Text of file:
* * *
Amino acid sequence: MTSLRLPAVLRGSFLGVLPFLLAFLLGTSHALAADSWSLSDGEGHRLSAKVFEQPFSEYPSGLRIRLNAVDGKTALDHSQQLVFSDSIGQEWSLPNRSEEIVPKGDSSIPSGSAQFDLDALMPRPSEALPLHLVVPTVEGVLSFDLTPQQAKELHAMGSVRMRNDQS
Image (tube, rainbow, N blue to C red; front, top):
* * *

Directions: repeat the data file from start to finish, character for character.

Amino acid sequence: MTSLRLPAVLRGSFLGVLPFLLAFLLGTSHALAADSWSLSDGEGHRLSAKVFEQPFSEYPSGLRIRLNAVDGKTALDHSQQLVFSDSIGQEWSLPNRSEEIVPKGDSSIPSGSAQFDLDALMPRPSEALPLHLVVPTVEGVLSFDLTPQQAKELHAMGSVRMRNDQS
Image (tube, rainbow, N blue to C red; front, top):